Are you a baby boomer who has recently been diagnosed with Celiac disease? While this is a disease that has become more widely known and understood in the past decade or so, it doesn’t make the diagnosis any easier or more comforting. Getting a diagnosis such as this means it’s time to make big changes to your life, and that’s intimidating, to say the least. To help you navigate the waters of living with Celiac disease, here’s a look at some useful tips.
The first step to living with Celiac disease is to learn what it is. It is an autoimmune disease that is quite serious and is often underdiagnosed. What happens is that the person with Celiac disease suffers damage to their small intestine when they eat gluten. The body has an immune response to gluten, and if it isn't treated, it can be very serious.
As for who is at risk of getting Celiac disease, it is hereditary, and it can happen at any age.
After receiving your diagnosis, the first line of action is diet changes. It will be necessary to consume a gluten-free diet as even small amounts of gluten can be damaging. Your healthcare provider can go over what a gluten-free diet consists of, and they may also suggest you take supplements to fill in the gaps.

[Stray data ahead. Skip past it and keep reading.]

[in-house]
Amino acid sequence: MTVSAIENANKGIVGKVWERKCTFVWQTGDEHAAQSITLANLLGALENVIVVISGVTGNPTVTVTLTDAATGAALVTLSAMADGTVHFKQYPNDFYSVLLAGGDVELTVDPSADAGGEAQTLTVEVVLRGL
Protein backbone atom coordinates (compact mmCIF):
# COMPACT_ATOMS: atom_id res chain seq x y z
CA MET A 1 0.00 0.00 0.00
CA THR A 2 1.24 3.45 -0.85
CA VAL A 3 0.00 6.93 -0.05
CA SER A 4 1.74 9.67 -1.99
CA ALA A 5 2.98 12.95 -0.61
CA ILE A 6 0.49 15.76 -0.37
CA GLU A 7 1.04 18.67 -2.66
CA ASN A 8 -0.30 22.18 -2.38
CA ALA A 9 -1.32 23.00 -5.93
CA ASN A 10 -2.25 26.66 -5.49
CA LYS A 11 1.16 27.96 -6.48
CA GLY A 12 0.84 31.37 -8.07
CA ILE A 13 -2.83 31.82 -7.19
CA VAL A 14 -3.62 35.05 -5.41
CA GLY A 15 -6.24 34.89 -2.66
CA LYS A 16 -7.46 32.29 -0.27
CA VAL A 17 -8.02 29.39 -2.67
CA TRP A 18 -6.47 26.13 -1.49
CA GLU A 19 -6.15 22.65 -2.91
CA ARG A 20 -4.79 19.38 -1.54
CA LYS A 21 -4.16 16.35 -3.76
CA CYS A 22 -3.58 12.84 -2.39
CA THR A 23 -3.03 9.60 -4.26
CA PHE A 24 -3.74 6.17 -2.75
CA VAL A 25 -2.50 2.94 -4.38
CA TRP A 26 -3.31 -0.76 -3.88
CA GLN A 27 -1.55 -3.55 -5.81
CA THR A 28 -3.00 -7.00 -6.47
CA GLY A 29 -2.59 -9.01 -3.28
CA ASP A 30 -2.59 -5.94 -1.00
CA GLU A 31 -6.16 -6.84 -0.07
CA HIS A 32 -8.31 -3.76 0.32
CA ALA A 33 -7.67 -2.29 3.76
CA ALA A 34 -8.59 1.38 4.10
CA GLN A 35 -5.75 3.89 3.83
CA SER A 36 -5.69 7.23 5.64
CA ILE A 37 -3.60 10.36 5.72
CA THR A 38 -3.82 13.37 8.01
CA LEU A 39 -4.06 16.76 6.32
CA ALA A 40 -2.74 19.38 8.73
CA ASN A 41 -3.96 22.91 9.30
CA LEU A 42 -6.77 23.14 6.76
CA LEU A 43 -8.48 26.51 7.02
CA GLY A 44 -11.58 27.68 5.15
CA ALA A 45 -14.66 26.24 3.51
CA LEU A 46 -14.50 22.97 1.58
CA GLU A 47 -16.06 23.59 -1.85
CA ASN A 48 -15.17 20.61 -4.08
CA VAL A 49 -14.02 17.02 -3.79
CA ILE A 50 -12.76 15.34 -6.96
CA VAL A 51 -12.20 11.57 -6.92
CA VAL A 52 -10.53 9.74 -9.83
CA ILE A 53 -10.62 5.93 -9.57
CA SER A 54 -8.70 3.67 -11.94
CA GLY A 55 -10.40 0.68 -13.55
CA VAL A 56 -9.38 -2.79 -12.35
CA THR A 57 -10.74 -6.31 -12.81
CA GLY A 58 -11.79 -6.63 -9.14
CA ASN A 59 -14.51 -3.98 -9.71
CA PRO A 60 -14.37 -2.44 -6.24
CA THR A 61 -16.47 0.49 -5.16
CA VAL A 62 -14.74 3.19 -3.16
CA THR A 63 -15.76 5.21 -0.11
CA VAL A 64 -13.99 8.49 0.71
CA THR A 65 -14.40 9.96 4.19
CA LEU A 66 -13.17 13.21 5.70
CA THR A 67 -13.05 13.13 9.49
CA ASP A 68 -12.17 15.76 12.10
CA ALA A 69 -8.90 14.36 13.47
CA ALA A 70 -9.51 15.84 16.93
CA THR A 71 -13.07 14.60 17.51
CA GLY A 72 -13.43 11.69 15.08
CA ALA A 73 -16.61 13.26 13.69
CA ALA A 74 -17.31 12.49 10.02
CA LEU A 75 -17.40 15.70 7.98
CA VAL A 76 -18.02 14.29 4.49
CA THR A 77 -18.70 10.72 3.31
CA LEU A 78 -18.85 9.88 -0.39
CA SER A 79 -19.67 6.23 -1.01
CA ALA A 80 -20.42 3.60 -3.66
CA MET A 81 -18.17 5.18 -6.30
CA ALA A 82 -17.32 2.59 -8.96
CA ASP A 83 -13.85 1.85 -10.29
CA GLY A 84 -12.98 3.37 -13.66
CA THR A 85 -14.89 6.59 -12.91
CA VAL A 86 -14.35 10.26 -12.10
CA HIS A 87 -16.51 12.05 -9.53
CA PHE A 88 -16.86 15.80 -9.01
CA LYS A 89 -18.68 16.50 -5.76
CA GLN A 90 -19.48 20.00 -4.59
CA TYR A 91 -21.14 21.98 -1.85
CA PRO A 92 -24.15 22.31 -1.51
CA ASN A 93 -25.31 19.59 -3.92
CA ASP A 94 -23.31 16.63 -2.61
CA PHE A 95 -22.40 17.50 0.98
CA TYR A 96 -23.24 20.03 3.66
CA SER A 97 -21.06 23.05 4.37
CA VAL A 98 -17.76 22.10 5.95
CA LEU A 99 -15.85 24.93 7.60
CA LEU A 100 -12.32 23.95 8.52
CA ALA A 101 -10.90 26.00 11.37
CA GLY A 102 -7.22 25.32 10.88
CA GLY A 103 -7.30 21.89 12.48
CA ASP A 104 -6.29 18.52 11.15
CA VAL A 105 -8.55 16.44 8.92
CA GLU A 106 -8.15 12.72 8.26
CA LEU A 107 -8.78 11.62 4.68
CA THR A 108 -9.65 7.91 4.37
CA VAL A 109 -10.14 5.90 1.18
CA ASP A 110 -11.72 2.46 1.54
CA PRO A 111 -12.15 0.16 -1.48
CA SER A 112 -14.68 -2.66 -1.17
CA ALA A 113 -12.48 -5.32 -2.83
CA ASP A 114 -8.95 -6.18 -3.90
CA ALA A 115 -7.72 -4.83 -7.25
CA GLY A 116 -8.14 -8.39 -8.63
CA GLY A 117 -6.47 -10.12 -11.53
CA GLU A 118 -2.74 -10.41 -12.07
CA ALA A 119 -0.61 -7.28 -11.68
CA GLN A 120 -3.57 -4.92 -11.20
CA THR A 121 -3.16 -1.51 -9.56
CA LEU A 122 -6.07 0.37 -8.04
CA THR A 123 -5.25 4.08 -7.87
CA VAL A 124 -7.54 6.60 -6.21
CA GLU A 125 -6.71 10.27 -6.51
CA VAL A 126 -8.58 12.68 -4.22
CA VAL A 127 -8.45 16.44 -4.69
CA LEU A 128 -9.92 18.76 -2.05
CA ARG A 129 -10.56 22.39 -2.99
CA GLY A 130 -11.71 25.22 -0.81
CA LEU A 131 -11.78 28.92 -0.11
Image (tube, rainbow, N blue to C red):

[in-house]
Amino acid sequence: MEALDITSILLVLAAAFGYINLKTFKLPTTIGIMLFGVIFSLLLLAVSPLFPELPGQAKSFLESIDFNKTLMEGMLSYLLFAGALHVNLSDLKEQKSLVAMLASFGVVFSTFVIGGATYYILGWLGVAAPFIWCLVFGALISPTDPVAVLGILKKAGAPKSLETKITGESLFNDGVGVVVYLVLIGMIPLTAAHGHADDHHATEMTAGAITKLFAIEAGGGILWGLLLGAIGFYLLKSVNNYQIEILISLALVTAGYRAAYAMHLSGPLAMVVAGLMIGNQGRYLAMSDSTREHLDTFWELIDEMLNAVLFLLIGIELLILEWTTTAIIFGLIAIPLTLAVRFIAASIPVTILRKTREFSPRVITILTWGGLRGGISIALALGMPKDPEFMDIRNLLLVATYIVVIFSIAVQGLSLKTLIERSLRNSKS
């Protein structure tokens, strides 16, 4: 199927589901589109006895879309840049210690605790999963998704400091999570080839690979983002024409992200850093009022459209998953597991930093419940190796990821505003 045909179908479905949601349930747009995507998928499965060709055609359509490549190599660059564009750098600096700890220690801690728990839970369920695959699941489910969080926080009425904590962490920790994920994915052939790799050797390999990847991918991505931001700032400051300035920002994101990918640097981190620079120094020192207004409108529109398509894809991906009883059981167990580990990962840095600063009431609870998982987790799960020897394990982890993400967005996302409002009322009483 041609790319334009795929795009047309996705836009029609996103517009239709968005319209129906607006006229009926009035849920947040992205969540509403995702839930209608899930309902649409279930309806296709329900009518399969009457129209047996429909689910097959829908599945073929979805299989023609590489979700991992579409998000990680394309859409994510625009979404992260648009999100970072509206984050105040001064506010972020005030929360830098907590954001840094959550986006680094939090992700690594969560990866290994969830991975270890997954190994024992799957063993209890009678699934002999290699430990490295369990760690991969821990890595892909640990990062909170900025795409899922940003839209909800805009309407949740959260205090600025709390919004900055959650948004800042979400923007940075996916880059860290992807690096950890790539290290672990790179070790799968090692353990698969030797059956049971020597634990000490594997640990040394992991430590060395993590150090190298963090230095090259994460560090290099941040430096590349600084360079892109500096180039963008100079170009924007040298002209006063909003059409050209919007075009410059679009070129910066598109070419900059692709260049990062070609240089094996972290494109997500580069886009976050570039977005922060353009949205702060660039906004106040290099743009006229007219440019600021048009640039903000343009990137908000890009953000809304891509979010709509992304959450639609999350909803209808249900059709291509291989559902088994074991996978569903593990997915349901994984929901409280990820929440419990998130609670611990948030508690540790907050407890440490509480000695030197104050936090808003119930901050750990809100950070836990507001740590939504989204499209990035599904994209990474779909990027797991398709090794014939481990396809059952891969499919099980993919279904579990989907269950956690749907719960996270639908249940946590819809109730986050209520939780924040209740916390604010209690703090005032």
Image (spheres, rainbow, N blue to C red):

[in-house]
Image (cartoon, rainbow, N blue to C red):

The good news is that because this disease is more commonly discussed now, grocery stores often feature a gluten-free section. You’ll also be able to shop online for gluten-free options that taste just as good as their glutinous counterparts. Dining out can still be possible too—just call ahead or check the restaurant’s website to see if they offer gluten-free options.
Some of the foods you can still eat while adhering to a gluten-free diet include:
There's no need to eliminate all grains from your diet, you just need to pick the gluten-free ones.
It's quite common for people with Celiac disease to also deal with a variety of emotions such as sadness and anger surrounding their diagnosis. There can be a sense of loss, as all those foods you used to enjoy are now off-limits. One of the best ways to combat these emotions is with exercise.
Exercise releases the feel-good hormones in your body and the endorphins, and provides you with a burst of energy. It’s an incredibly powerful stress buster, not to mention it offers physical benefits. Even if you’re not the type that likes the gym or high-energy workouts, simply going for a brisk walk or a bike ride can make all the difference.
It can be very difficult to get such an impactful diagnosis in your senior years, as things you have grown to love and get used to now have to be given up. Using these tips will help you to cope and better navigate the diagnosis.